When Sergey Brin takes home a new toy, he likes to play around with it in the inquisitive manner natural to engineers. The mathematical genius who co-founded Google in 1998 may be worth tens of billions of dollars today, but he remains a committed nerd at heart. So when he was given a pre-release sample of the new G1 mobile phone, it was not long before the inner programmer emerged. Taking advantage of the phone's Android open-source operating system - developed largely by his company - and inbuilt accelerometer, he wrote a program that would measure the amount of time the phone spent in flight after he tossed it in the air.
Such is the nature of the G1 and Google's foray into the mobile industry. The new device hints at a coming shift in the market, which will bring the inventiveness and experimentation of Silicon Valley to a sector dominated until recently by stern Scandinavians. The shift started last year, when the Apple iPhone became one of the most talked about gadgets of all time, earning general acceptance in the technology press as the best mobile phone on the market.
But Apple's tight, restrictive management of the device, and the applications that can run on it, are earning the company an increasing amount of bad publicity. And while Apple drags its feet on arranging international distribution - in the entire Arab world, it will be sold only in Qatar and Egypt - the gap in the market for a nimble, open-minded competitor grows. Companies such as Samsung and Motorola have largely missed the point with their so-so attempts at iPhone imitations.
Research in Motion (RIM), the maker of the highly successful BlackBerry mobile e-mail phone, looks more likely to make inroads with their touch-screen effort, released recently in the US as the BlackBerry Storm. Google, however, appears to have struck closest to the mark with an ambitious alliance of software, hardware and networks companies who have invested together in the development of Android.
The new mobile operating system, built under a free, open-source licence, is designed to take advantage of new trends in mobile phones like touch screens, web browsing and always-on internet connections. Yesterday, the American mobile operator T-Mobile, a member of Google's mobile alliance, released a phone they call the G1, made by the Taiwanese manufacturer HTC. The phone combines a large rectangular touch screen with a slide-out keyboard, combining the best of iPhone and Blackberry. The device has all the bells and whistles of a modern smart phone, like a GPS satellite navigation system, web browser - a scaled-down version of the Google Chrome browser - and a live music store, which lets the user download songs directly to the phone from the music store of the online retailer Amazon.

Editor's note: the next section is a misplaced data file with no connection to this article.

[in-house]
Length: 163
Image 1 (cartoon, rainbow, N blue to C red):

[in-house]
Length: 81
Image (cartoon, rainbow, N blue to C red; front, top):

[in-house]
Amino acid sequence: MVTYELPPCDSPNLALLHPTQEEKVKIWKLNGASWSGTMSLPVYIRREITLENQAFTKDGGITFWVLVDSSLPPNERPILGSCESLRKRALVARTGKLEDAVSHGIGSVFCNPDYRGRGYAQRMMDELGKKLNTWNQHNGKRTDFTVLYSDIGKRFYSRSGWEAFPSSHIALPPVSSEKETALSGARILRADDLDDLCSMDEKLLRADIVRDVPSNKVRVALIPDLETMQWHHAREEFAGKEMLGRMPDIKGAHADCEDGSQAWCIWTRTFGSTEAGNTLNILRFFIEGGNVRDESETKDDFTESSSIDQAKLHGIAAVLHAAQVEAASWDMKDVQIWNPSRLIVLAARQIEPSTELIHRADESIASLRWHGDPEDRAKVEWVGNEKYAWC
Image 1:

The open-source nature of the Android operating system means anybody can develop whatever application they like, with no one playing the gatekeeper role that Apple does with the iPhone's application store. And because nobody owns Android, any manufacturer in the world can produce whatever phone they like that makes use of the system, opening the door for a wide variety of new devices, good and bad, to come in the future.
The G1 is a start, but it is unlikely to make much of a dent in iPhone sales. It has no headphone jack, forcing users to buy a customised headphone adaptor, which is not yet on sale. The design is far from iconic, with thick plastic and rounded edges exaggerating the phone's chunky body. And it is available only in the US, and only on the country's smallest national network. firstname.lastname@example.org